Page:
Donald Trump's 12-day tour might go down in history as being the last attempt to master the shifting of power in Asia. What is clear is that Washington has no clue, writes DW's Frank Sieren.
Popular German newspaper the Bild Zeitung recently described US President Donald Trump's attendance at the ASEAN summit in Manila as "gaga". The 71-year-old president was ridiculed when he failed to do the traditional cross-over handshake correctly and provoked laughter with his contorted maneuvers.
His speeches were contorted in each of the countries that he visited. In some parts of Asia, he has earned himself the nickname of the Mr Bean of global politics.
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Trump's involuntary comic side came out even in his more serious speeches. It was clear even when he was talking to the South Korean parliament and to the Asia-Pacific Economic Cooperation (APEC) that the US had little of substance to offer the Indo-Pacific, as Washington has begun calling the Asia-Pacific region in order to include India as a strategic partner against China and its ever-increasing power.
Xi Jinping has money and a plan
But this seems to be more hope than reality. Trump does not have money. His army is controversial. US values have long been discredited and Trump's charisma does not have a universal impact. Even if Trump means well, which he surely did in Asia, the odds are against him. Chinese President Xi Jinping has money and a plan. He might have less charisma and is more pragmatic when it comes to values, but he is successful. The New Silk Road is only one of China's many impressive projects.
It's tough for Trump by comparison. The future of the US depends on a good relationship with the 10 member states of ASEAN - Indonesia, Malaysia, Thailand, Singapore, the Philippines, Brunei, Vietnam, Cambodia, Laos and Myanmar. They comprise a market that is now the third-largest in the world and growing at a rate of 5 percent. Trump has not been able to regain the trust that was lost when he unilaterally dropped the Trans-Pacific Partnership (TPP).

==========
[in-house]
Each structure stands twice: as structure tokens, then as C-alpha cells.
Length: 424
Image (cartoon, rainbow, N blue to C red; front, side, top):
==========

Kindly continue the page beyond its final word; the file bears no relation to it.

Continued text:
It did not help that Trump called on Asian states to put their own interests at the forefront, a la "America First" during his campaign. He said that the multilateral TPP free trade agreement was a job-killing disaster for the US and effectively ended it on his first day in office. His predecessor Barack Obama had seen the TPP as a chance for the US economy but also as a counterweight to China, which was not invited to join. Now the rest of Asia has decided to shrug its shoulders and cosy up to China after all. It must come as little comfort to the US to know that the remaining 11 TPP states, including Japan and Australia, still want to work on a free trade agreement even without Washington.
Even traditional partners looking toward Beijing
The systemic struggle for "Western values" and "democracy" no longer makes sense if Washington wants to gain respect. Even traditional partners of the US such as Thailand and the Philippines have now taken Beijing's centralizing government model as an example. They still want to work with the US but will not join forces against China. On the contrary. Apart from North Korea, "a hell that no person deserves," to quote Trump himself, there was hardly any mention of human rights in the traditional Western sense during the president's Asia trip.
When he met Xi Jinping, he spoke up for three college basketball players from Los Angeles who were recently arrested for shoplifting in the southern city of Hangzhou. The fact that 50 famous writers from all over the world had asked him to speak up for the release of Liu Xia, the widow of the late Nobel prize winner Liu Xiaobo, in an open letter, did not seem to interest Trump in the slightest. Even if he had no personal interest, he missed a chance of winning a political power game.
A botched handshake becomes a symbol
When he spoke against China's fraudulent trade practices at the APEC summit, without specifically mentioning China by name, Trump was not applauded. He sent out contradictory signals at the ASEAN summit in Manila, expressing platitudes about "successful relations" and about wanting to act as a mediator.
His botched handshake at the ASEAN summit thus became a symbol that has far more consequence than the viral laughter. Trump's 12-day visit will be remembered as an awkward attempt to walk on eggshells and might go down in history as a milestone in the decline of a world power which cannot demonstrate moral superiority even in the West.
DW's Frank Sieren has lived in Beijing for over 20 years.